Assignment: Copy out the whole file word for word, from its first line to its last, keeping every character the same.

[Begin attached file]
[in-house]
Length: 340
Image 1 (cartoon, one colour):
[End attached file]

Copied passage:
[in-house]
Length: 340
Image 1 (cartoon, one colour):